password phishing

I’m told that some people have received emails stating that their PennsWoods accounts were reported for fraud, and asking them to click a link.

I do NOT send emails telling people they’ve been reported for fraud.

If you’ve received such an email and logged into such a page, please kindly go to the FAQ located in the upper left of the classifieds. Changing your password is FAQ #3.


Scam by Text

Folks, I’m getting more and more reports of scammers contacting people by text message every day. Please be aware that it happens regularly. I don’t have any rules against publishing phone numbers in ads. But if you publish a cell phone number, be aware that anyone in the world can contact you for practically free, and they may or may not be who they say they are.

Texting is a fast and convenient way to exchange information, but use caution.


more scam by text

I’ve had several people report to me that they’ve received text messages from “PennsWoods” requiring them to send their username and password to address one issue or another.

Folks, I do NOT need your password. It offends me when I receive an email asking for assistance, and including their password in the email. Don’t give your password to me. Don’t give it to your neighbor, don’t give it to anyone.

I don’t ask for passwords, and I’m not going to contact you via text unless we arrange something ahead of time. If someone contacts you via text out of the blue, it isn’t me, and it isn’t any representative of PennsWoods.


Bruce Schneier on scams

Bruce Schneier is a widely recognized expert on security, with a specific emphasis on computer security. He wrote an essay on scams a bit over a decade ago. While things have changed a lot since then, it is still an interesting read from the perspective of the scammer attacking the human behind the keyboard with ideas, rather than trying to write a virus to infect the computer.

A much more recent (June 2012) blog posting from Mr. Schneier describes why some scams seem so far fetched. In a nutshell, it seems to be an attempt to select only the most susceptible victims. Think what you like, but all of us go through difficult times. When our emotions are torn and we wake up in the morning already weary from the battle, it can be much more challenging to pick out a scam.

Mr. Schneier has written extensively about scams, and security trade offs. You can read more of his commentary on scams here:

More Scam by Text

This evening I’ve gotten three messages asking me about text messages that were sent. Supposedly they were sent by me claiming that there was a report that their ad was a scam. There is a link to log in and verify that the ad is not a scam.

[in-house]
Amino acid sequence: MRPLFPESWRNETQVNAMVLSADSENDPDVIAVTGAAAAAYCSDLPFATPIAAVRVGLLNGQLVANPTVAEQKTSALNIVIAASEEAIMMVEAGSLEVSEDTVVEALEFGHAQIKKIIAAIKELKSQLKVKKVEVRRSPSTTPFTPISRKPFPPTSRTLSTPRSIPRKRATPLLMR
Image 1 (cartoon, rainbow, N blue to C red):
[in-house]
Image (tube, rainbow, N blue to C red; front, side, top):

The text message is a scam! I do not currently use text messages within the PW Classifieds. I don’t send out warnings about reported ads.

I can only assume that if you’ve tried to log in to the link provided, you’re username and password are compromised, and some foreign crook will be using your account to place scam ads.

If you’ve had this happen to you, and you tried to log in to the link provided, please change your password. The option to do so is in the FAQ, question #3.

Thanks for being on guard, and a special thanks to those who sent me word that they received these text messages!

Latest Scammer Tactics

I’ve gotten quite a few reports lately that scammers have been texting cell phone numbers in PennsWoods ads. I would imagine that they are using blocks of texting numbers from free phone apps, or something along those lines. The texts usually direct a person to communicate with an email address, and there is typically an excuse why phone conversations are not possible.

I just wanted to remind everyone that if you are contacted via text message, there is no guarantee that the person actually has a PennsWoods account, and tracing a mix of text and emails is something that law enforcement are going to have trouble with.

If you receive a text message with a really good offer on something, meet in person or at least have a phone conversation. This doesn’t give 100% certainty, but not being able to do this should give you reason to pause.

Also never accept excess payment and return it to the sender. It is a very common scam to send a larger check / money order than is needed, and ask for the balance to be returned via your own check. By the time the check / money order sent to you bounces (possibly months later), your check has been cashed and the money is long gone.


I don’t think I can ever say this enough.  People claiming to be traveling outside the country is a red flag indicating a scammer.

Really?  These “people” are on an extended vacation and have nothing better to do than sell your car?

Lately the scammers are using an email format of a name, two digits, and  That doesn’t mean that someone using a different style email address is safe, and probably after they read this they’ll switch email formats.  But if you’ve received email lately from a format like this, and it smells fishy, toss their emails in the trash.



Happy Easter!!

Happy Easter everyone! I hope you’ve had a grand time this weekend! As a friend and former school mate just texted to me, ‘He is risen!’. What a wonderful launch into the spring season.

In less happy news, there has been some sort of scam floating around centered on a website with the name ‘wazzub’ in it. I have no idea how the scam works, but I know there is no such thing as free money. The piper always gets paid. Please don’t get burned.